Energy future, Developing Countries

José Goldemberg, Professor Emeritus, University of São Paulo, explains all we need to know about technological “leapfrogging”, a strategy to face global warming and the energy future of developing countries

2018 was the fourth hottest year on record; last year, global land and ocean surface temperatures were 0.79 degree Celsius above the 20th-century average. Since 1880 when record keeping had only been around for three years, 2015, 2016, 2017 were hotter. Much of Europe, the Mediterranean, New Zealand, Russia and parts of the Atlantic and the Pacific Ocean faced heat waves. The most impacted area was the Arctic, which is warming faster than the global average.

Scientifically, there is little doubt that the main driving force behind global warming is the increased consumption of fossil fuels (coal, gas and oil) from which over 80% of all energy used in the world originates. The use of fossil fuels leads inexorably to the emissions of carbon dioxide (CO2) which is the main gas responsible for global warming. There are others such as methane and chlorofluorocarbons (CFCs), which contribute less.

The developed countries in Europe, the United States and Japan, which benefited first from the industrial revolution of the 18th century, were the main emitters of CO2 until the end of the 20th century. These countries are usually labelled as the OECD (Organization for Economic Cooperation and Development) countries and have a population of approximately 1.2 billion people.

In all the others (non-OECD countries), the population is approximately 6 billion people. This group of countries includes all the former colonies and the less developed regions of the world, which are latecomers in the development process and use the technologies developed in the industrialised countries. However, as the population of the non-OECD countries increased and they started to industrialise their emissions grew explosively as shown in Figure 1.

The growth of emissions in non-OECD countries, due mainly to the rapid industrialisation of China – in contrast to the fact that emissions of OECD countries have flattened out – is a serious cause of concern for the sustainability of the world climate system. At the end of the 20th century, CO2 emissions of the OECD and non-OECD countries were approximately the same but since the population of the OECD countries is much smaller their “per capita”, emissions were much higher.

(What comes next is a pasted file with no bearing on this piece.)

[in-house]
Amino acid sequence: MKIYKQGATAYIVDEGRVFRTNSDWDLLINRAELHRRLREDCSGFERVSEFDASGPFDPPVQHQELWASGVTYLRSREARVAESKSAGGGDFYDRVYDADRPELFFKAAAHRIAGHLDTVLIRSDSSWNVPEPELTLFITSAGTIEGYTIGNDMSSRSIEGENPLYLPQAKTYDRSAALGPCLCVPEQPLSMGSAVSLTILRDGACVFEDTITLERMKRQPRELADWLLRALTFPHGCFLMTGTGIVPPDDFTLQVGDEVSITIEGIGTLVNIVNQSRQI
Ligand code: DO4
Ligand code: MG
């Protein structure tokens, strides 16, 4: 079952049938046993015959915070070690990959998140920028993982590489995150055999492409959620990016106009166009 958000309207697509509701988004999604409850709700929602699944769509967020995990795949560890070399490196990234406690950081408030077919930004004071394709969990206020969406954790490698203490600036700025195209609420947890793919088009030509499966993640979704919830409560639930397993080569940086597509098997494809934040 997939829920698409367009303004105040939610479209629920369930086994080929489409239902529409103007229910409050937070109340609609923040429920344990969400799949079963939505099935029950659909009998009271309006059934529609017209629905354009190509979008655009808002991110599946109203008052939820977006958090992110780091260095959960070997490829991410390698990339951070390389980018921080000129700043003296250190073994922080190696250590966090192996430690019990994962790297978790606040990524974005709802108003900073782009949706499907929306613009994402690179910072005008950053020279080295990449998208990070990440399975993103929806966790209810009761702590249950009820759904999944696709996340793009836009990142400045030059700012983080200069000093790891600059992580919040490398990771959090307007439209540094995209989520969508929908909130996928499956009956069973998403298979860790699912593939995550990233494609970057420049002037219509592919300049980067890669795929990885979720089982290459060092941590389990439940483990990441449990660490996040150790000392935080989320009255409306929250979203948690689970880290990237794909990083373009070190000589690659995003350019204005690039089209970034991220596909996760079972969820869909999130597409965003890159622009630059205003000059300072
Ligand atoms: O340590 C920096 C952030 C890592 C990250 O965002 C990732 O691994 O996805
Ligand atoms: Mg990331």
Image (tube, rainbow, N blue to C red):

To face these problems, one has to try to understand what the drivers of the flattening of the growth of CO2 in the OECD countries are. The most important of them is the increase in the efficiency of the production of energy from fossil fuels: Watt’s original machine – which converted heat (from the burning of coal) in mechanical work (and later on in electricity) – had an efficiency of approximately 3%. Present thermal plants generating electricity have efficiencies in place at least 10 times higher. In other words, much more energy is produced using less fuel. The efficiency in using this energy has also increased considerably.

The increase in the efficiency of energy production from fossil fuels is due in great part to the competition between companies of the industrialised countries which spurs technological innovation. Successful companies with a monopoly on some technology are bound to take fewer risks; they stand to lose their technological leadership role when competitors, willing to take more risks to adopt new technologies. Such are the “gales of constructive destruction” described by Schumpeter (1).

In addition to that, the increased use of renewable energy sources (which do not emit CO2) such as hydropower, wind machines, photovoltaics and biomass, contributed to the reduction of carbon emissions.

Another driver that helped innovation was the need to reduce the local pollution originating mainly from the use of coal and oil. These fuels have impurities that thrown in the atmosphere, are the cause of fog, acid rain and other environmental problems which are not tolerated by the population (mainly in the larger cities) and led to the introduction of strict environmental regulations. The compliance of such regulations stimulated further technical advances.

The problem we face now is how to encourage developing countries to adopt these technologies – or eventually new ones – to reduce the fast growth of their CO2 emissions.

Part of the response consists of transferring current technologies in OECD countries into developing countries. This was done routinely in the colonies of the imperial powers of the 19th with second rate and sometimes obsolete technologies.

However, developing countries can avoid retracing the development process previously followed by industrialised countries in the past. In other words, developing countries have a choice; they can either mimic industrialised nations and undergo an economic development phase that is dirty, wasteful and creates an enormous legacy of environmental pollution or they can “leapfrog” over some of the steps of development and incorporate currently available modern and efficient technologies into their development process (2).